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FOR IMMEDIATE RELEASE
Tuesday, February 2, 2016

Chaka Fattah Jr. Sentenced to 60 Months in Prison for Fraud and Tax Charges

Chaka Fattah Jr., 33, of Philadelphia, was sentenced today to 60 months in prison for fraud and tax charges in connection with a scheme to defraud banks, the Internal Revenue Service (IRS) and the Philadelphia School District, announced Assistant Attorney General Leslie R. Caldwell of the Justice Department’s Criminal Division and U.S. Attorney Zane David Memeger of the Eastern District of Pennsylvania. 

On Nov. 5, 2015, a federal jury found Fattah Jr. guilty of 22 counts, including bank fraud; making false statements to banks to obtain loans; making false statements to banks and the Small Business Administration (SBA) to settle loans for less than what was owed; filing false federal income tax returns for tax years 2005, 2006 and 2008; failing to pay federal income tax; wire fraud; and theft from a program receiving federal funds.  In addition to the prison term, U.S. District Court Judge Harvey Bartle III of the Eastern District of Pennsylvania ordered Fattah Jr. to pay $1,172,157 in restitution.

According to the evidence presented at trial, in 2005, Fattah Jr. and an associate supplied fictitious earnings for companies that they claimed to operate, including 259 Strategies LLC and Chaka Fattah Jr. & Associates, to local banks in order to obtain numerous business lines of credit.  Rather than using the lines for credit for business expenses as the loan terms required, however, Fattah Jr. used them primarily for personal expenses.  For example, in 2011, Fattah Jr. received a $50,000 loan from United Bank intended for “working capital to support business operations,” which he instead used to make car payments and to pay down more than $40,000 in personal debt, including gambling debts.  

The evidence further demonstrated that in 2010, Fattah Jr. had previously defaulted on several lines of credit and, in an attempt to settle the debts for less than what was owed, provided false information to two banks, to the SBA, which had insured the bank loans, and to an SBA investigator.  Fattah Jr. falsely claimed that 259 Strategies was out of business, which it was not, and that he was earning only $2,500 per month, when his real income was between $6,250 and approximately $37,500 per month.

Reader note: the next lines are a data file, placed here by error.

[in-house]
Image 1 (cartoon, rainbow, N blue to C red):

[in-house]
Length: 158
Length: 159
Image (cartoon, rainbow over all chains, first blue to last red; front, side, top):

Additionally, for tax years 2005, 2006 and 2008, trial evidence showed that Fattah Jr. filed false federal income tax returns, and in 2010, failed to pay on a timely basis federal income tax of approximately $51,141 on more than $150,000 in reported income. 

The evidence further demonstrated that in during the 2010 through 2011 and 2011 through 2012 school years, while Fattah Jr. was serving as the chief operating officer of Delaware Valley High School, a for-profit vendor which provided alternative educational services through contracts with the school district, he submitted false expense information and inflated salary figures resulting in approximately $940,000 of fraudulently obtained payments from the school district.  Some of the funds were paid through a false budget entry that concealed Fattah Jr. as the true recipient. 

The FBI, IRS-Criminal Investigation and the U.S. Department of Education investigated the case with the cooperation of the Philadelphia School District’s Office of Inspector General.  Assistant U.S. Attorney Paul L. Gray of the Eastern District of Pennsylvania and Trial Attorney Eric Gibson of the Criminal Division’s Public Integrity Section are prosecuting the case.

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Topic: 
Financial Fraud
Public Corruption
StopFraud
Tax
Updated August 10, 2016